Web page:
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The government of Rwanda has been visionary to focus on urbanisation in the secondary cities. Economic development, job creation, and poverty reduction in these urban areas will constitute an important part of the country’s future development.
With the urbanisation rate of 18.4% NISR (2018), Rwanda targets to have 35% of its population living in urban areas by 2024. The secondary cities, without any doubt will play a substantial role in transforming Rwanda into an urban dwelling.
The selection of Rubavu, Huye, Rusizi, Muhanga, Musanze and Nyagatare as secondary cities due to their strategic locations for conducive business environments and settlements will thrive and drive the needed urbanisation growth in the respective cities.

The Government’s strategic decision to develop a Master plan for each secondary city is another shot in the right direction in the development of these cities. These Master Plans define how each city can make the most of its own opportunities to create more and decent jobs, both in the city itself and in the surrounding areas for regional growth.

Already, by June 2020, the master plans of Muhanga, Nyagatare and Rubavu were on public display to give an opportunity to all stakeholders to provide final inputs.
Despite being guiding frameworks for continuous development of these cities, the masterplans are not a means to the end of challenges facing these secondary cities.
Research conducted by the Institute of Policy Analysis and Research(IPAR-Rwanda) in March and April 2019 identified socio-economic challenges that should be addressed to unlock the potential of the six secondary cities in Rwanda. Challenges related to the limited allocation of optimal resources to unlock each city’s potential has been referred to in IPAR-Rwanda’s study as the “Governance Challenge”.

For example, the proposed City Management Offices(CMOs) are not yet operational in the secondary cities, while the policy agenda for the secondary cities is fragmented across different government ministries. Although secondary cities have been prioritised in policy documents, this status is yet to be enshrined in legislation thus making secondary city districts operating in the same way as any other district and as a result District leaders tend to focus on more pressing rural issues and lack enough resources to drive urban growth in the secondary cities.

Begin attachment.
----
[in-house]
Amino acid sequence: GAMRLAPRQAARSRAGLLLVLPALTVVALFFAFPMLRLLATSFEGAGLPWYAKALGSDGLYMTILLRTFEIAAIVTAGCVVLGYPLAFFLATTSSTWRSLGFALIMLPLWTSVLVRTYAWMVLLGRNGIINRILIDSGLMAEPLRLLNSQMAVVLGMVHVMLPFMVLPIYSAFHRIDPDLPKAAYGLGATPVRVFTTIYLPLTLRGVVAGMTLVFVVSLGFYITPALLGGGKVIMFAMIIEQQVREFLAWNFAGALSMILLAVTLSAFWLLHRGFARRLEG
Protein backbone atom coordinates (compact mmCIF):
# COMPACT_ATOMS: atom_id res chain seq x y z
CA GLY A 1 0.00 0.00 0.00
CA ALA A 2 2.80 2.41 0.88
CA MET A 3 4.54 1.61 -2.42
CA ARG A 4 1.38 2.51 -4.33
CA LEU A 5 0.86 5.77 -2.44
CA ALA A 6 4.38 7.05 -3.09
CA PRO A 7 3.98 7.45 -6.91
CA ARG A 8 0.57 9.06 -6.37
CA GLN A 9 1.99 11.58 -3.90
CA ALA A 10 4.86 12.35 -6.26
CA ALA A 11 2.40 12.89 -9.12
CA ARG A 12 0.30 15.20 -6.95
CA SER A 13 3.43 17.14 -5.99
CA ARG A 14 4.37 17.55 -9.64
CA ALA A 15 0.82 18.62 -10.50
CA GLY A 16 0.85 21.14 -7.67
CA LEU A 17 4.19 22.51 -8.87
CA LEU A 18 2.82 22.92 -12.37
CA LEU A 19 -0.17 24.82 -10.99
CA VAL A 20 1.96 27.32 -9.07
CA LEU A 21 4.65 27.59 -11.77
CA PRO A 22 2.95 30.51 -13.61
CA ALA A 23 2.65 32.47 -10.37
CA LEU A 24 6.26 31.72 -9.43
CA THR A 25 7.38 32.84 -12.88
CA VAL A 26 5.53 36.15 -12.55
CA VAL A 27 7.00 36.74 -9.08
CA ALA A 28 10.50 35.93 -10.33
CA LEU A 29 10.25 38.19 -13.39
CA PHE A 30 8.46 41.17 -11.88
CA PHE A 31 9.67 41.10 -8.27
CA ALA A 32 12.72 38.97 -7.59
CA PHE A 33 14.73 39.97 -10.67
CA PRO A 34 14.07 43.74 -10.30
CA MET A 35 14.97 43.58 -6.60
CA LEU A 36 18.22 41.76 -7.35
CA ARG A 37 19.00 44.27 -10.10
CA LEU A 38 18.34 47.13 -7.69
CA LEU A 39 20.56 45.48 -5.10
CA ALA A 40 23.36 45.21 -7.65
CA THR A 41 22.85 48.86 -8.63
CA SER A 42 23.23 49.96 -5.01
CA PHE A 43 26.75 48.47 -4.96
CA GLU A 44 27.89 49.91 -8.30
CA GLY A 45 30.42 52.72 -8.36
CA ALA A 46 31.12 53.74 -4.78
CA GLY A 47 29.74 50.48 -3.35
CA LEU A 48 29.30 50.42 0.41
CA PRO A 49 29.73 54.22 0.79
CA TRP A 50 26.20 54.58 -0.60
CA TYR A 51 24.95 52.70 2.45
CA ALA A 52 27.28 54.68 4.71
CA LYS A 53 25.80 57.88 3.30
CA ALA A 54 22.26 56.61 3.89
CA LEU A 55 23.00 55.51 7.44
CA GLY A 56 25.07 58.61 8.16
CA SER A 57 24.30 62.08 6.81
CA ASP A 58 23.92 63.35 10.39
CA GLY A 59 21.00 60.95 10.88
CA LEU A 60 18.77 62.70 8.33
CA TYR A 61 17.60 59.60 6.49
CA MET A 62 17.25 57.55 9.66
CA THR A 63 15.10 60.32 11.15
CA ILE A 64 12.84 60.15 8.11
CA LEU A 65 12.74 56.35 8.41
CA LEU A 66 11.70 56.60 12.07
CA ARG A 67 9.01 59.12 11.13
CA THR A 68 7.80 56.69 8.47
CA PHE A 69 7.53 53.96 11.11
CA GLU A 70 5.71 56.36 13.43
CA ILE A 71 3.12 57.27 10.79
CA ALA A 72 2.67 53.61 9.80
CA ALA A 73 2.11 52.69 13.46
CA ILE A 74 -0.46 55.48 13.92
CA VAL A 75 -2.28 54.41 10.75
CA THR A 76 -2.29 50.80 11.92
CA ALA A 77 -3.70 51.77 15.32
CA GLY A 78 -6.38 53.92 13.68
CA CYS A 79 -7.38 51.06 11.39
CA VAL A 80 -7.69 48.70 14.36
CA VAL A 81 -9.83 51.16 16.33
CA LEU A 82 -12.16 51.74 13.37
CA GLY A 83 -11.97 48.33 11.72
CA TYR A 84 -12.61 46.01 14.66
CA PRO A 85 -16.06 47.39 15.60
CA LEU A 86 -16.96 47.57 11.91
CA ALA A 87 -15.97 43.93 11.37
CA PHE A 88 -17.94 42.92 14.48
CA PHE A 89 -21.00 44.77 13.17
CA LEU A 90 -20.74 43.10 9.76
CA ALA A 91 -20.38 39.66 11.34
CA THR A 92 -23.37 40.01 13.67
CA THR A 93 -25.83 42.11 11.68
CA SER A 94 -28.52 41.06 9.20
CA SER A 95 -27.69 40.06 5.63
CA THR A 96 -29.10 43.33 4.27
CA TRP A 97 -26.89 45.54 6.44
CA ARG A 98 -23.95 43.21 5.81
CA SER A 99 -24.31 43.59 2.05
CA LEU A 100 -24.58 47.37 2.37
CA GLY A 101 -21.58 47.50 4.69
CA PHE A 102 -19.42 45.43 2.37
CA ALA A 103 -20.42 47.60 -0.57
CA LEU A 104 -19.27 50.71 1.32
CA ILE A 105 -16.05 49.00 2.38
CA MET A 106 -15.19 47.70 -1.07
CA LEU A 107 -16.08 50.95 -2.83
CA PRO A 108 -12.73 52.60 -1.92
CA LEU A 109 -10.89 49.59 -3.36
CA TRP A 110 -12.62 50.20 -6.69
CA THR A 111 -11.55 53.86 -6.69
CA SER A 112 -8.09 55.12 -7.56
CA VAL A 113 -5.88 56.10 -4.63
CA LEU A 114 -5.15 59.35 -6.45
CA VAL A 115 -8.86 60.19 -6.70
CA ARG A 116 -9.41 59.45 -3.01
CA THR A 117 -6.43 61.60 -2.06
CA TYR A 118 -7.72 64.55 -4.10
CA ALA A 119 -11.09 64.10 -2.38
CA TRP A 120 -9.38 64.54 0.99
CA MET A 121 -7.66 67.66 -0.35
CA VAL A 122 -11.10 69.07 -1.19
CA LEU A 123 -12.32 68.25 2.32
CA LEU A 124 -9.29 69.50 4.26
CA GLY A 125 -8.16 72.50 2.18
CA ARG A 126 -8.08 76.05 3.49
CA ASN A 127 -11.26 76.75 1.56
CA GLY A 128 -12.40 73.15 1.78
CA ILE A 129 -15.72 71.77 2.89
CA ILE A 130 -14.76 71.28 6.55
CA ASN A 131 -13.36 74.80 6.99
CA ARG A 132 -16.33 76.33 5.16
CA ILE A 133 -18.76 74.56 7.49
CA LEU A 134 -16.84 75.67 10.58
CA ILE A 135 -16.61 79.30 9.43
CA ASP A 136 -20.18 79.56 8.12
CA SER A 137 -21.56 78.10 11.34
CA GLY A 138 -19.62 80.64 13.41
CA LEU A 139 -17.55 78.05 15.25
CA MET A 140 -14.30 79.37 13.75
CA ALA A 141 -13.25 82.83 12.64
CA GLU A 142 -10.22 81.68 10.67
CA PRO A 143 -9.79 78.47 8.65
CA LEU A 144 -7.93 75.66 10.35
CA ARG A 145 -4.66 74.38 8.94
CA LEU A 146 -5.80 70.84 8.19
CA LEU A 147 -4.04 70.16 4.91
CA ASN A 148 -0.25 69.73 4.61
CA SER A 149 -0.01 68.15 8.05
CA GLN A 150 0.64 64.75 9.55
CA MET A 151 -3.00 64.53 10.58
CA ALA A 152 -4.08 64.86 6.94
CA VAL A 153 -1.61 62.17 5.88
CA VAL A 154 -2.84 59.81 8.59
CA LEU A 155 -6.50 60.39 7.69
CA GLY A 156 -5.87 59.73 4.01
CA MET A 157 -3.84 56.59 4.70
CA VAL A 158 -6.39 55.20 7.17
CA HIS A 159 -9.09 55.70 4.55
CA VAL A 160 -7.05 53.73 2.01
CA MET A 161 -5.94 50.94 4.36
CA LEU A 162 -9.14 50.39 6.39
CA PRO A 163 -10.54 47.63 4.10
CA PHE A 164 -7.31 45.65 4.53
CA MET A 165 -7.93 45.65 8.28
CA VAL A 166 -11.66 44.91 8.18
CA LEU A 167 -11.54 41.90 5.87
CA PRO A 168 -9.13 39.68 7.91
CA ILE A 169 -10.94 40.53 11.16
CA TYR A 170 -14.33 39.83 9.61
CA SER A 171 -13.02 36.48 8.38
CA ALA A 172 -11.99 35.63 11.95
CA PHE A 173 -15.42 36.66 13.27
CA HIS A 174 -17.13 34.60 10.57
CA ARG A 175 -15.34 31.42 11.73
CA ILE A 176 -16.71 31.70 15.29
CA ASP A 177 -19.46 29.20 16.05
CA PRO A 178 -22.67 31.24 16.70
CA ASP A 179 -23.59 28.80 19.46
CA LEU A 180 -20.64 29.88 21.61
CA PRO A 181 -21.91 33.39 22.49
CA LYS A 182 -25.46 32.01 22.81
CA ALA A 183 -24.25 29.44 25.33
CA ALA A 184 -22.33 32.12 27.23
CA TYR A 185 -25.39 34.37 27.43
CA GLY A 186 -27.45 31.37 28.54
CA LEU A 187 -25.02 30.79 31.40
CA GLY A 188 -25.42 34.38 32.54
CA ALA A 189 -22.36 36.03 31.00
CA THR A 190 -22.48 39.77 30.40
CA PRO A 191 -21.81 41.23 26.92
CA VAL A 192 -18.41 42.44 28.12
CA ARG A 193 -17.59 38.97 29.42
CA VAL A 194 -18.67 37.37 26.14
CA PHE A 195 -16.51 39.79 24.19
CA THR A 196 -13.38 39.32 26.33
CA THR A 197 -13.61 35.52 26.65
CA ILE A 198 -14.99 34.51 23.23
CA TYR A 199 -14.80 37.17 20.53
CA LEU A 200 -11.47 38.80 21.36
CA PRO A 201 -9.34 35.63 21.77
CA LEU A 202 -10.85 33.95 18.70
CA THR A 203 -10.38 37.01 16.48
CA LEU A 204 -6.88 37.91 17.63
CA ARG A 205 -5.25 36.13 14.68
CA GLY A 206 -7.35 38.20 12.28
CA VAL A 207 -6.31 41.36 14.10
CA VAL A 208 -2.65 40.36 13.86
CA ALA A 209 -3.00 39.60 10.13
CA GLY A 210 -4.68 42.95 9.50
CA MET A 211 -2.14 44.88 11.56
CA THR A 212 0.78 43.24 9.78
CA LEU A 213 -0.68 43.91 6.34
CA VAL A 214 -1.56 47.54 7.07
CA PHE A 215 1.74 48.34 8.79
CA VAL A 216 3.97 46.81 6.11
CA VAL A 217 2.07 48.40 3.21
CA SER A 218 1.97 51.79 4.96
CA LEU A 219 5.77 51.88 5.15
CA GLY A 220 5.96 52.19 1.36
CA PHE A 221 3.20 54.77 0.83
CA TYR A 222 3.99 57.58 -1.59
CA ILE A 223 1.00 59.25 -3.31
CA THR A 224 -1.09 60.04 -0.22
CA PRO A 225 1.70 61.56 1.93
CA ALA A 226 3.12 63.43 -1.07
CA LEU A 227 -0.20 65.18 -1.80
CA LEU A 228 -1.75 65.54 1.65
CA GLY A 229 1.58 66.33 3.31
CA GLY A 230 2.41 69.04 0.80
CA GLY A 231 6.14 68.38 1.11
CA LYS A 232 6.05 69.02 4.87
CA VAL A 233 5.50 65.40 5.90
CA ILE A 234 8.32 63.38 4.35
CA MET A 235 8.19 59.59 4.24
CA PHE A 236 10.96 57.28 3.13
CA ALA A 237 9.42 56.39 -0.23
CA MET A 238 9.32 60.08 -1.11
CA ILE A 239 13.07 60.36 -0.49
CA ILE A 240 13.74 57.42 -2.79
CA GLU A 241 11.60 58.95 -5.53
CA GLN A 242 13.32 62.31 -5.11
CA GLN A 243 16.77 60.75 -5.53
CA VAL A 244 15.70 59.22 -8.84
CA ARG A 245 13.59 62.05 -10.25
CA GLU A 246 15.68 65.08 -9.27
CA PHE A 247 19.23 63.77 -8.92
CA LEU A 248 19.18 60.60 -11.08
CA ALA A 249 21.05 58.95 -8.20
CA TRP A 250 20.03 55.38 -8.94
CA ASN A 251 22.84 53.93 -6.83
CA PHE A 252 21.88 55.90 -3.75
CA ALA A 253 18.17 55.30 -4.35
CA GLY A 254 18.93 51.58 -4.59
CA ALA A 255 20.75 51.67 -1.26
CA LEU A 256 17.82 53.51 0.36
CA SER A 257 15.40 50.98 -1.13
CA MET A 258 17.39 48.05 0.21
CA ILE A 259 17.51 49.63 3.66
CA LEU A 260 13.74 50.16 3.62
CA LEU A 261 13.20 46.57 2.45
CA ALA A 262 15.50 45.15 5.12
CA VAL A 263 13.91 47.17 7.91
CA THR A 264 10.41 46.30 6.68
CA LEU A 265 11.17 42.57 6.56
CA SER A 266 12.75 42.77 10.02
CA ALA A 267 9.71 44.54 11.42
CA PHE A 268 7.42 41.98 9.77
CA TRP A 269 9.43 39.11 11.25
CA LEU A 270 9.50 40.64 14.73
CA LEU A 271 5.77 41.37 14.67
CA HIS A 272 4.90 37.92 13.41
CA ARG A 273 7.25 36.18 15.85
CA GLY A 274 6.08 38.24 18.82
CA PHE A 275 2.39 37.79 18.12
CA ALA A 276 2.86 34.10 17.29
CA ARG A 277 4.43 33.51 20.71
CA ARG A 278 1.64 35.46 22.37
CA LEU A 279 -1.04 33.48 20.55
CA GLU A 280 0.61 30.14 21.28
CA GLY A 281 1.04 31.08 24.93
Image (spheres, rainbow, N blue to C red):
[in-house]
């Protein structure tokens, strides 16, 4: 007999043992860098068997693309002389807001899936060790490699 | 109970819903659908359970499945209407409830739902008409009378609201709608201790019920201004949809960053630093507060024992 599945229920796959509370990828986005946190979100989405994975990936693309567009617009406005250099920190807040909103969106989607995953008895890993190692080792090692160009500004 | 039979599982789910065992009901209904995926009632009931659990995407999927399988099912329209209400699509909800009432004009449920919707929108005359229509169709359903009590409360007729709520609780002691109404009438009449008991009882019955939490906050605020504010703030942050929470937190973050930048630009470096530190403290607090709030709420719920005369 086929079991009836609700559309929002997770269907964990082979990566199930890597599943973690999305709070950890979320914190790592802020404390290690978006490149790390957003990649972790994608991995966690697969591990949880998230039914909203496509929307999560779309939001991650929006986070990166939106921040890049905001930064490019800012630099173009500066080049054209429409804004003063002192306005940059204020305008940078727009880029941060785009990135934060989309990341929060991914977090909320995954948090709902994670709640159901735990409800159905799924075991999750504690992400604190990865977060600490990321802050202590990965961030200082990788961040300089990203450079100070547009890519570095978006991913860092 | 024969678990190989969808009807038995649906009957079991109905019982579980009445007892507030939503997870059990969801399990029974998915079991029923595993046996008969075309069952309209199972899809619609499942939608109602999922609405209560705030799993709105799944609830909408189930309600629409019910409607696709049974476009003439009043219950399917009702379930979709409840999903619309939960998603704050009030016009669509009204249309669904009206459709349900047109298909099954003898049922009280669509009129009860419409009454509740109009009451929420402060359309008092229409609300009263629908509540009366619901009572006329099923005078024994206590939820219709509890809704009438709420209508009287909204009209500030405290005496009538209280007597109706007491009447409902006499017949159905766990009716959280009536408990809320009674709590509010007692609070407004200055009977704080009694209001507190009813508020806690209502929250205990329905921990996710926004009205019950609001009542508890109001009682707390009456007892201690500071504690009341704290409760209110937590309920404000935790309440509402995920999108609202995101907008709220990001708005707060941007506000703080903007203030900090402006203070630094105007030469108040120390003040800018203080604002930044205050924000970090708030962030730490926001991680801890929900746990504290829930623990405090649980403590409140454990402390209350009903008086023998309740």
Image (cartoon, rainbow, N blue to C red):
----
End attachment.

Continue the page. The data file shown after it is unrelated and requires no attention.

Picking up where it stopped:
To address the “Governance Challenge”, IPAR-Rwanda’s study highlights the need to prioritize and efficiently coordinate the entire local government machinery as well as other stakeholders to address the social economic challenges in these cities.

In the mid to long-term, however, the study recommends that three critical areas should be of focus in driving the secondary cities’ inclusive socio-economic growth and development. They include Relevant skills development, improving access to market and improving business environment.

Prioritising Skills Development
Secondary cities lack skilled labour force to attract heavy investments in services and manufacturing. With most of the workforce lacking secondary education, there is need for government to scale up the number of TVETs in secondary cities as well as vocational programmes offered through increased funding focused on growth sectors in industry and services, which could include private investment. This will increase skilled labour force and attract private sector investments in the secondary cities.

Improving Market Access
Secondary cities struggle with low purchasing power as a result of high poverty levels estimated at an average of 38%( EICV5). These cities also have high reliance on agriculture and informal labour. To improve market access to build bottom-up growth in the secondary cities, government needs to promote agglomeration effects ensuring that urbanisation in these cities is dense rather than sprawling. Prioritising rural-urban linkages and linkages with neighbouring cities and towns will create regional economic hubs in addition to the larger market in Kigali.

Improving Business Environment
Limited access to capital is a key a challenge to business growth within the secondary cities. IPAR-Rwanda business survey 2019 identified access to finance as the greatest obstacle to growth. It is a challenge for 35.5% of the businesses surveyed. In addition, firms identified land acquisition to be the second greatest challenge, because land acquisition, either through government expropriation or through direct transactions between landowners and investors is lengthy and expensive. Thirdly, the high cost of utilities (water and electricity) negatively affects investors such as hotel owners in secondary cities. These bottlenecks make it difficult for businesses to operate or discourage investors that could have set up business in these cities. By ensuring a conducive business environment in the secondary cities, the government will help unlock their potential.

In conclusion, the government of Rwanda has been far sighted in its emphasis on secondary cities. The challenge is tough but the potential is enormous and now is the period of delivery.
With the master plans in place, tackling the “Governance Challenge” of secondary cities should be of emphasis to unlock the potential of secondary cities’ development.

To understand the whole picture, read our Central Policy Brief on Strengthening the Urbanisation and Development of Secondary Cities in Rwanda